This particular version of cheesecake is extremely outrageous, combining sweetness with just a hint of heat. If you think dark chocolate is great with chili, just wait until you get a taste of white chocolate with chili. The combination of cream cheese, Mascarpone and heavy cream makes for a very dense, rich cheesecake.
This recipe calls for cookie crumbs as the base. The last time I made this, I used graham cracker crumbs because I had a limited amount of time to get this done for company. Feel free to get creative. Crushed Nilla wafers maybe? It also calls for 14 oz of white chocolate. Make it a high quality brand. I used Ghirardelli the last time around.
You will also need an 8-inch springform pan.
1.5 cups cookie crumbs
1 stick melted butter
8 oz of cream cheese, softened
1 cup heavy cream
9 oz Mascarpone cheese, softened
1/4 cup granulated sugar
3 tbsp Trappist hot pepper jelly
14 oz white chocolate, melted
Line the bottom of an 8-inch springform pan with parchment paper. This will make it easier to transfer the cheesecake to a serving dish when done.
Combine the cookie crumbs and melted butter thoroughly in a medium-sized bowl. Press onto the base of the springform pan. Refrigerate for at least 15-20 minutes.
To melt the white chocolate, place in the top of a double boiler over gently simmering (not boiling) water and stir constantly until melted.
Beat softened cream cheese in the bowl of an electric mixer until it is smooth. Add the rest of the ingredients, and beat until smooth.
Pour the mixture into the chilled springform pan and smooth the top. Refrigerate for a minimum of 3 hours.
Prior to serving, garnish the top with Ghirardelli white chocolate morsels.
This is an easy yet incredibly flavorful recipe. It’s ideal for Tacos, Mexican pizza, or Enchiladas. The key to this dish is the use of a slow cooker, and a combination of the right spices. If you don’t want to use taco shells or flour tortillas, you can simply serve this beef on shredded lettuce, with accompaniments like sour cream, guacamole, salsa, and Queso Blanco on the side.
The best cut of beef for this recipe is a chuck roast, about 2.5 to 3 lbs. It’s best to cut it into 3 or 4 pieces before embarking on your flavorful journey, and trimming off any large pieces of fat that may be present.
2.5 to 3 lb chuck roast
2 tbsp olive oil
14 oz beef broth
1 yellow onion, chopped
1 tbsp dried cilantro
1/4 tsp cayenne pepper
2 Jalapeno peppers, seeded and chopped
2 tbsp chili powder
1 tbsp cumin
2 tsp coriander
3 oz tomato paste
1 tbsp garlic powder
1/2 tsp black pepper
1/4 tsp Kosher salt
Cut the chuck roast into four pieces, trimming any large pieces of fat off the meat. This will help the spices reach every area of the meat. Season with salt and pepper, and sear the meat in a skillet on high until all surfaces of the beef are browned.
Place the beef broth, tomato paste, onion, Jalapeno pepper, and the spices in the crock pot and give it a stir. Submerge the meat in the liquid.
Set the slow cooker to high and cook for four hours, then lower the temperature to “low” and cook for an additional hour or so. It’s important that at least 2-3 inches of liquid is in the crock pot throughout the cooking process. This should not be a problem with a slow cooker.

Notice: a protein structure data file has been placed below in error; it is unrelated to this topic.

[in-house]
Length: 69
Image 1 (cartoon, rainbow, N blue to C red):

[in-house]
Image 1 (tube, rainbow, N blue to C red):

Remove the beef from the slow cooker and shred it using two forks. By now the slow cooker should automatically move to the “warm” setting. Return the beef to the liquid until ready for use.
Remove with tongs and place it on your serving tray. All I can say is “Yum!”
I’d have to say that soy sauce (or Tamari) is one of those ingredients you should never be without. However, this recipe calls for Indonesian soy sauce, or Ketjap Manis, which is slightly sweeter and thicker than traditional soy sauce. It’s difficult, if not impossible, to buy this at your local grocer. You would definitely have to go to an Asian market to buy it. Or you could make your own without much effort. Therefore, I’ve included a recipe for this delectable little condiment at the bottom of this recipe.
I love Asian food. They say that the Chinese invented noodles and the Italians perfected it. I think that’s a perfectly legitimate claim. But Asian food is so much more than Chinese and Japanese. Indonesian and Vietnamese food is amazing. So are these wings.
2.5 lbs party wings (these are wings that have already been trimmed and separated)
1 cup Ketjap Manis (recipe follows)
2 tbsp Sambal Oelek
2 tbsp minced garlic
1/2 cup rice wine vinegar (seasoned or unseasoned is fine)
2 tbsp ginger paste
Sea salt and fresh-ground black pepper to taste
1/4 cup lime juice
Chopped scallions or chives (for garnish)
The first order of business is to make the marinade, so this is a simple recipe because it requires you to mix all the ingredients together (except the salt and pepper). Whisk to make sure everything is thoroughly combined.
Put the wings in a resealable plastic bag along with the concoction, and marinate overnight. I like to use a toothpick on the wings and poke holes in them prior to marinating. This helps to infuse the wings with the sauce.
When you are ready to cook the wings, preheat your oven to 400 degrees. Place the wings in a single layer in a long baking pan. Pour in the marinade. Season with salt (lightly) and fresh-ground pepper. Cook for about 30 minutes, turning at least once to cook on both sides. Prior to removing the wings, turn them again and put the oven on “broil” for about 5 minutes.
Remember to put on the hood of your stove and open a window as you might generate a little smoke.
Remove the wings to a serving tray and get ready to feast. Garnish with chopped scallions or chives. These are delicious!
How to Make Ketjap Manis
Ingredients for Ketjap Manis
1 cup packed dark brown sugar
1 cup water
1 cup dark soy sauce
7 tbsp dark (blackstrap) molasses
1 tsp ginger paste
1/2 tsp ground coriander
1/2 tsp fresh-ground black pepper
Combine the dark brown sugar and water in a saucepan. Bring to a simmer over medium heat until all the sugar dissolves.
Then, increase the heat to high and cook until the syrup begins to thicken. This takes about 5 minutes.
Reduce the heat to low and add the rest of the ingredients. Simmer for 3-5 minutes.
Remove from heat and allow to cool. This can be stored for 2-3 months (covered) in your refrigerator.